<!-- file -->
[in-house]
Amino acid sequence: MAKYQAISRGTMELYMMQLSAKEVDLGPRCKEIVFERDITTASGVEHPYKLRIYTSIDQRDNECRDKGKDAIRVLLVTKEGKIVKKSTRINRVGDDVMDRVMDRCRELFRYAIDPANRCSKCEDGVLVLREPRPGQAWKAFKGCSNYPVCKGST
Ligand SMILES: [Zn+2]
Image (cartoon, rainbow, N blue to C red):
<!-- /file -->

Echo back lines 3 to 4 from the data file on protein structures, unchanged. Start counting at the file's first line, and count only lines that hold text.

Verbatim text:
Ligand SMILES: [Zn+2]
Image (cartoon, rainbow, N blue to C red):